No matter how you feel about New Year’s resolutions, taking stock of the past and looking to the future is always a beneficial exercise, regardless of the pain brought on by insight or the regrets over opportunities lost. I tend not to regret much. I can’t change the past, but I can make an effort to do better in the future. My goal for the coming year is a simple one, and it applies to all aspects of my life: more good, less bad. But in the wine arena, there are a few specific actions I’d like to take in support of this more general goal.
1. Drink more Barbera. The wine shop I work in sells a few versions of this wine, including one from here in Northern California. Sales are brisk, and folks are always asking about them. I give customers the textbook answers I’ve memorized but I have to confess that I don’t really KNOW the darn thing. Unfortunately, this hole in my game applies to a number of other grapes I should be more familiar with. Familiar? Hell, let’s say intimate and get down to business!
2. Learn more about Champagne and other sparkling wines. I’ll accomplish this most effectively and efficiently by consuming these wines on a more global basis, and more often. I love good bubbles, but I also love knowing about the wines I drink. My Champagne/sparkling acumen isn’t where it needs to be for someone in my position. Like the banner on this blog says, “Drinking, Thinking, Cooking, Eating, Talking, Reading, Writing, and More Drinking.” Emphasis needs to be placed now on those last three items. Remedies will be pursued immediately.
3. Be a better value hunter. For somebody like me who drinks globally and encourages others to do the same, I’ve fallen into a slight rut of drinking what I know. I’ve been less exploratory lately when it comes to new grapes, regions, producers, and price points. Many of my wines, unwittingly, come in around $15-25, and there is so much more out there at different prices whose values far exceed their costs. I need to do a better job finding them. And I will encourage others to understand that “value” doesn’t necessarily mean cheap or low cost. That’s a lie which needs constant exposing.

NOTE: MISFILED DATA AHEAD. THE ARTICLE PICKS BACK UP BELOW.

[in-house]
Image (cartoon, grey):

4. Do my homework. I have a strong collection of wine resource material, from the iconic critics and writers to secondary materials gleaned from conferences and workshops. These writings are filled with essential information that wine writers and lovers needs to know and stay current with. I’ve let that slip. Time to hit the books. While I’m at it, I think I need to get to my magazines when they come in the door and not when they’ve been sitting on top of the dog’s crate in the family room for a couple of weeks.
5. Finally, I need to listen to that little voice inside my Cellartracker database that tells me when to drink certain wines. I noticed recently that there are some very nice white wines dying a slow death in the dark and cold recesses of my wine fridge. Those bottles deserve prompt attention, and, if they can’t be rescued, they need to be put out of their misery as soon as possible with a swim in the kitchen sink. Wasting wine is sinful, and I have much to confess.
What are your wine resolutions for the New Year? What about your friends? I’m committed to helping more people drink more wine. Will you join me?